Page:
use all bond enthalpies as positive numbers

One final point. We're using Hess' Law and bond enthalpies. Notice how it is reactant values minus product values. In the other Hess' Law tutorials, it was the product values minus the reactant values. Be aware of the difference.


Example #1 (again): Hydrogenation of double and triple bonds is an important industrial process. Calculate (in kJ) the standard enthalpy change ΔH for the hydrogenation of ethyne (acetylene) to ethane:

H−C≡C−H(g) + 2H2(g) ---> H3C−CH3(g)

Bond enthalpies (in kJ/mol): C−C (347); C≡C (839); C−H (413); H−H (432)

Solution:

1) Hess' Law for bond enthalpies is:

ΔH = Σ Ereactant bonds broken minus Σ Eproduct bonds broken

2) On the reactant side, we have these bonds broken:

Σ [two C−H bonds + one C≡C bond + two H−H bonds]

Σ [(2 x 413) + 839 + (2 x 432)] = 2529 kJ

3) On the product side, we have these bonds broken:

Σ [one C−C bond + six C−H bonds]

Σ [347 + (6 x 413)] = 2825 kJ

4) Using Hess' Law, we have:

ΔH = 2529 minus 2825 = −296 kJ

Example #2: Using bond enthalpies, calculate the reaction enthalpy (ΔH) for:

CH4(g) + Cl2(g) ---> CH3Cl(g) + HCl(g)

Bond enthalpies (in kJ/mol): C−H (413); Cl−Cl (239); C−Cl (339); H−Cl (427)

Solution:

1) Hess' Law for bond enthalpies is:

ΔH = Σ Ereactant bonds broken minus Σ Eproduct bonds broken

2) On the reactant side, we have these bonds broken:

Σ [four C−H bonds + one Cl−Cl bond]

Σ [(4 x 413) + 239] = 1891 kJ

3) On the product side, we have these bonds broken:

Σ [three C−H bonds + one C−Cl bond + one H−Cl bond]

Σ [(3 x 413) + 339 + 427] = 2005 kJ

4) Using Hess' Law, we have:

ΔH = 1891 minus 2005 = −114 kJ

Comment: you may have noticed that four C−H bonds were involved on the reactant side and three C−H bonds were involved on the product side. You might be wondering about elimiminating three C−H bonds to make a problem seem a bit simpler. You may do that, if you wish. You'd get this:

reactant side: [one C−H bond + one Cl−Cl bond] = 413 + 239 = 652
product side: [one C−Cl bond + one H−Cl bond] = 339 + 427 = 766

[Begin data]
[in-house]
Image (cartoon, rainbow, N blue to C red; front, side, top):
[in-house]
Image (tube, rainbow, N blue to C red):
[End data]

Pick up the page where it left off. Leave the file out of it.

ΔH = 652 minus 766 = −114 kJ

Example #3: What is the enthalpy of reaction for the following equation:

2 CH3OH(l) + 3 O2(g) ---> 2 CO2(g) + 4 H2O(g)

Given the following bond enthalpies (in kJ/mol): C−H (414); C−O (360); C=O (799); O=O (498); O−H (464)

Solution:

1) Bonds broken:

reactants ⇒ 3 O=O bonds; 6 C−H bonds; 2 C−O bonds; 2 O−H bonds

2) Bonds formed:

products ⇒ 4 C=O bonds; 8 O−H bonds

3) Using Hess' Law:

ΔH = Σ Ereactant bonds broken minus Σ Eproduct bonds broken

ΔH = [(3)(498) + (6)(414) + (2)(360)] - [(4)(799) + (6)(464)]

Notice how I eliminated two O−H bonds from each side.

ΔH = 4698 - 5980

ΔH = -1282 kJ


Example #4: Calculate the bond energy of the Cl-F bond using the following data:

Cl2 + F2 ---> 2ClF ΔH = −108 kJ

Bond enthalpies (in kJ/mol): Cl−Cl (239); F−F (159)

Solution:

Hess' Law for bond enthalpies is:

ΔH = Σ Ereactant bonds broken minus Σ Eproduct bonds broken

−108 = [239 + 159] − 2x

−2x = −506

x = 253 kJ/mol

Note the use of 2x because there are two ClF molecules.


Example #5: The reaction of H2 with F2 produces HF with ΔH = -269 kJ/mol of HF. If the H-H and H-F bond energies are 432 and 565 kJ/mol, respectively, what is the F-F bond energy?

H2(g) + F2(g) ----> 2HF(g)

Solution:

Hess' Law for bond enthalpies is:

ΔHrxn = Σ Ereactant bonds broken minus Σ Eproduct bonds broken

The ΔH is given per mole of HF, so we need to use -269 x 2 = -538 kJ for the enthalpy of the reaction.

-538 = [432 + x] - [(2) (565)]

x = 160 kJ


Go to Hess' Law - using bond enthalpies - Problems 1 - 10

Go to Hess' Law - using bond enthalpies - Problems 11 - 15

Go to Hess' Law - using two equations and their enthalpies

Go to Hess' Law - using three equations and their enthalpies

Go to Hess' Law - using four or more equations and their enthalpies

Go to Hess' Law - using standard enthalpies of formation